Legacy, however, is a funny thing in MMA. I’ve seen some very smart writers—like MMAJunkie’s Ben Fowlkes, who I’m a big fan of—say that Aldo’s legacy isn’t secure per se, but it’s close as can be. One punch can’t undo ten years of dominance that literally built a division, right? If we were talking about pretty much any other fighter and any other fight, I would absolutely agree. Unfortunately for Aldo, his own legacy is now and probably forever tied to that of Conor McGregor, who turned him into a laughing stock and then knocked him unconscious. He has the unfortunate distinction of being perhaps the most important secondary character in the history of The Conor McGregor Show—which is now a show that threatens to become bigger than the UFC itself.

That’s not a loss you can just wash away with a couple wins. There will always be scars, more for “Scarface’s” collection. Aldo didn’t do himself any favors, either, by talking mostly about McGregor for a solid year after their encounter and threatening to retire when he didn’t get his rematch. Did he deserve the rematch? Probably. Did demanding it in a self-righteous but kind of whiny way only further transform him into a blurry figure in McGregor’s rearview mirror? Definitely.

We’ve actually seen something kinda like this play out in another division. Jon Jones went from light heavyweight champ to super heavyweight chump by making a series of extremely bad decisions and getting suspended. In his stead, Daniel Cormier, who once lost a hard-fought but ultimately decisive battle to Jones, captured the belt, which he still holds. He’s defended it against the likes of Alexander Gustafsson, arguably the toughest test of Jones’ career, and Anthony Johnson, the guy everybody thought might have the best shot at beating Jones. Despite this, Cormier is still not the “real” champion in many fans’ eyes. Granted, the situation is different, given that Jones has been hovering on the periphery the whole time, threatening to come back and pick up where he left off once he finally gets his damn life together, but I think the comparison still holds water. Sometimes, the totality of one’s legacy cannot stand up to a single moment within it, no matter how much it should be able to.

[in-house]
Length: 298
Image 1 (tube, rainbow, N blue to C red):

And so, we return to the question of “what if?” What if Aldo wins? He’ll technically be the “undisputed” featherweight champion, but people will still dispute it. They’ll just keep bringing up that damn McGregor loss. He’s gonna have to win a lot more before they’ll stop. And what if Aldo loses, especially in a devastating fashion? Then people will look back at the McGregor fight and say that’s where Aldo broke down. Accumulated wear-and-tear played a role, sure, but McGregor was the hammer that finally drove the nail into the coffin. To some extent, the entire featherweight division faces these questions, regardless of who wins. When the biggest star in the history of the sport—at least, according to pay-per-view numbers—takes off for greener pastures, he’s gonna leave a big void. But by being inextricably linked to McGregor’s rise, and by being at the height of his own powers when it happened, Aldo faces the biggest questions of all. I do not envy him.

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It’s gonna be a good fuckin’ fight, though.